Enroll More Clients – Structure For Your Free Initial Consultation
Offering a free initial consultation (also called a Get Acquainted Call, Strategy Session, Discovery Session, or Breakthrough Session) is a great way to turn a potential client into a paying customer.
Do you wonder how to structure this call, so you’re providing value while educating prospective clients about your services?
Do wonder how to transition to talking about your services, without coming off as salesy?
Today, I’m going to give you a structure for your free initial consultation so that you can lead these sessions with confidence, and enroll more clients.
- How to frame the conversation from the beginning, so you’ll never come off as salesy.
- Specific questions to ask, and in what order.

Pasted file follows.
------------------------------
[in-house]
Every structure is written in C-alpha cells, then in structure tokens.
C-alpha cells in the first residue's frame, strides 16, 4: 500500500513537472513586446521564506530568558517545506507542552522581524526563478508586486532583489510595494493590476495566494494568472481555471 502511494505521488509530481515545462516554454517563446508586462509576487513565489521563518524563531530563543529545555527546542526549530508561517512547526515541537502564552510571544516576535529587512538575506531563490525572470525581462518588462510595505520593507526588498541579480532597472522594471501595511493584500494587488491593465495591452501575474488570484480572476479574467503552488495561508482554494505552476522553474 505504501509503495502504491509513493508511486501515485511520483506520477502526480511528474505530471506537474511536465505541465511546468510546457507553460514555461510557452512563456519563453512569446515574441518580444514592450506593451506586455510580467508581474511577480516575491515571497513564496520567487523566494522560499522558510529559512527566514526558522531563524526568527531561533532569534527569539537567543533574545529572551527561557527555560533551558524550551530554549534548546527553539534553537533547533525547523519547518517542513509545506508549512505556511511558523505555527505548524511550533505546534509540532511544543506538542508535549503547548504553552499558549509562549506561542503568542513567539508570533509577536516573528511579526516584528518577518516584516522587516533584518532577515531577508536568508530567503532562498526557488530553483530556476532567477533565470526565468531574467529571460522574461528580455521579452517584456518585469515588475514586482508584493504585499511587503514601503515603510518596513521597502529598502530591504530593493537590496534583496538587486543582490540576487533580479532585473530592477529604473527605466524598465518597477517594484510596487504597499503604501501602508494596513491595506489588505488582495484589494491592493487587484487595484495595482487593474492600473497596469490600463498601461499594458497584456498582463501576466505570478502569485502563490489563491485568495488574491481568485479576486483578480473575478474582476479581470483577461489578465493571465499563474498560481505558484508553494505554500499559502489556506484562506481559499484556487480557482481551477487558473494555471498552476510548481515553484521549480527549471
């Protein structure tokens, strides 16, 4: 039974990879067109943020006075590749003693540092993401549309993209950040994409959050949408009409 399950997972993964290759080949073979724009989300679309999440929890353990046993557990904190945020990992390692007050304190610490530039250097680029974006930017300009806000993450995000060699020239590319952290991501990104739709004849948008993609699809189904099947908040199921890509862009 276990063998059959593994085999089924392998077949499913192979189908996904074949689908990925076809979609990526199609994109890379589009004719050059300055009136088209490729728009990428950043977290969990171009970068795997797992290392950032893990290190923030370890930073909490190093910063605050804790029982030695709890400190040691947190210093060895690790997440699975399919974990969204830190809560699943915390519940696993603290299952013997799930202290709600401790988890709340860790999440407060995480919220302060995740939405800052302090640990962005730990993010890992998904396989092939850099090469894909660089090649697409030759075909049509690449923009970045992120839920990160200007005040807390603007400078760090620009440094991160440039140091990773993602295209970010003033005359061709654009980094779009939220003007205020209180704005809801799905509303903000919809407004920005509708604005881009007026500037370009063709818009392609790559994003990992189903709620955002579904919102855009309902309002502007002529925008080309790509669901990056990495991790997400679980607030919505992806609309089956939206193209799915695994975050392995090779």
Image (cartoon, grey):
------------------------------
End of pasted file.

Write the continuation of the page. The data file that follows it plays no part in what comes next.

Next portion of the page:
- How to make an offer at the end in a way that flows and feels natural.
- How to use these calls to help you write powerful marketing copy.
Let’s get started!
Breaking the ice
Start the calls by breaking the ice. You’re going to be getting fairly personal, so it’s important that the other person feels comfortable and safe speaking with you.
If you’re speaking with someone local, find out how they were referred to you and use that as a jumping off point for the conversation. Discussing your mutual love of a local yoga studio will make you feel more familiar to them.
If you are speaking with someone who is not local, find out where they are from and ask them about their town or state. Perhaps you can relate to having visited where they live. If not, ask them to tell you a bit about it. Starting the call off with small talk can put both your prospective client and you at ease.
Framing the call
Once you’ve broken the ice, let them know what they can expect out of the call.
You might say something like:
“The way I structure these calls is:
- First, I’m going to get an understanding of what’s going on for you
- Then, I want to understand what you’ve tried already, what has worked and what hasn’t worked